I have often, in the past, made flavoured vinegars by the infusion method, but have fairly frequently been a little disappointed by the end result. I want a powerful flavour, not a hint. When I skimmed through a recipe (given below) for Lemon Vinegar from Warne’s Everyday Cookery (London, 1872) by Mary Jewry, I was very intrigued. Surely with so much work and so many lemons, it would be very lemony indeed?
A more thorough reading however has left me quite confused. It is surprisingly difficult to write a recipe well, in order that the method is absolutely clear. I have no clarity at all on this recipe. What does one do with the grated rind? It seems that the rindless lemons are what is rubbed with salt and dried, not the pieces of peel? The amount of salt is not stated, but it would seem that a large amount is needed – how salty would the ‘vinegar’ be, in the end? Does one end up with a clear liquid pickle plus another pickle made from the ‘remaining ingredients’?
Time, nine weeks.
Two dozen and a half of lemons; four ounces of garlic; one handful of horseradish ; one gallon of vinegar; one ounce of mace; half an ounce of cloves; one ounce of nutmeg; half an ounce of Cayenne; half a pint of mustard seed.
Grate off the outer rinds of the lemons with a piece of glass, cut them across but do not quite separate them; work in as much salt as you can with the fingers; spread them on a large pewter dish, and cover them quite over with salt; then put them into a cool oven three or four times, until the juice is dried into the peels; they must be hard but not burned. Then put to them the garlic peeled, the horseradish sliced, and again place them in the oven till there is no moisture left. As the salt dissolves work in more. Put the vinegar into a stewpan with the cloves pounded, the mace beaten fine, the nutmeg cut into slices, and the Cayenne and mustard slightly bruised, and tied in a muslin bag. Boil all these ingredients with the vinegar, and pour it boiling hot on the lemons. The jar must be well closed, and let stand by the fire for six days, shaking it well every day. Then tie it down and let it stand for three months to take off the bitterness. When it is bottled, the pickle must be put into a hair or lawn sieve two or three times, till it is as fine as possible. After the lemon pickle is cleared off, add about one quart of boiled vinegar to the remaining ingredients, and after it has stood for some time it is excellent for hashes, &c. &c.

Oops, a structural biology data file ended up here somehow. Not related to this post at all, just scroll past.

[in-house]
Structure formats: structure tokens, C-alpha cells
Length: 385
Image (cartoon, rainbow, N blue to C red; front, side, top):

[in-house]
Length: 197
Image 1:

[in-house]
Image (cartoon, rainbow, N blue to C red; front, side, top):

This pickle may be put into white sauce, one spoonful being sufficient; two spoonfuls for brown sauce. It is also good for fish, fowls, or any made dish, care always being taken to put it in before the sauce is mixed with cream, or the acid may curdle it.
The following recipe, also from the book, sounds very straightforward, and would perhaps make a fine gift for the gourmet in your life.
Time, one month.
Fill some bottles with the rinds of some fine fresh lemons, cut as thin as possible; add the kernels of some peaches or plums, blanched, and fill up the bottles with brandy; let it stand for nearly a month, then strain it off, put it into bottles, and cork them well down.
Quotation for the Day.
Maud Grieve: A Modern Herbal (1931)